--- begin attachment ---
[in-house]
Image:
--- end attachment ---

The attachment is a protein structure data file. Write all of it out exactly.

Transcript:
[in-house]
Image: